The good news in a new study from the Public Religion Research Institute is that despite continuing hatred of gays and lesbians preached from some Christian pulpits, prejudice against people of homosexual orientation is declining in the U.S.
The study shows growing support for civil unions, same-sex marriage, adoption by gay or lesbian couples and allowing gays and lesbians to serve openly in the military.
The study analyzed more than 20 years worth of polling data gathered by the Pew Forum on Religion & Public LIfe to detect trends in opinions. The changes of attitude reported in the new study are not uniform across all groups of American citizens but it's reassuring, nonetheless, that even among religious groups that often have been the source of anti-gay prejudice -- especially those identified as white evangelicals -- opinions are changing away from condemnation and more toward support.
Clyde Wilcox, professor of government at
"There are very few things that have changed in American public opinion as dramatically as support for gay and lesbian rights," he told us. "Since 1994 the numbers just really pop off the charts. . .It's really been kind of a tidal wave of change, and these trends occur all across religious communities so that white evangelical fundamentalists today are far more accommodating to gays and lesbians than they were 20 years ago and so are Catholics and so are Mainline Protestants."
These supportive trends are especially visible among younger people, the researchers say. And that's for lots of reasons, including the reality that many of them know people who are gay and, unlike previous generations when more gays were in the closet, young people know that they know gay people. And, of course, when you know people personally it's more difficult to hold ridiculous stereotypes about them.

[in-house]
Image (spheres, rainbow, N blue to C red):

Someone else on the conference call Friday was the Rev. Rebecca Voelkel, a United Church of Christ pastor who works with the National Gay and Lesbian Task Force.
"While I am very happy and glad for the trends," she said, "and I really do feel that the universe really does bend toward justice and folks are by and large increasing their support for LGBT persons in society, I think one of the cautionary notes I take from the study is the continuing role that religion plays in anti-LGBT attitudes and behaviors in our country."
My guess is that these supportive trends will continue until one day those who would marginalize gays and lesbians either for religious reasons or out of simple fear and prejudice will become such a minority that they themselves will feel more comfortable espousing their views only in the closet. I hope that day comes sooner rather than later.
For my own take on what the Bible says about homosexuality, look for my talk on that subject under the "Check this out" headline on the right side of this page.
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THE POPE ADMONISHES FRANCE
The French government has been trying to get rid Roma and Gypsy people, but Pope Benedict XVI has weighed in with an admonition to welcome all people. It's one more example of how religion inevitably winds up having to say a word about what some people think of as strictly a political matter. If it involves the human condition, religion should and must have its say.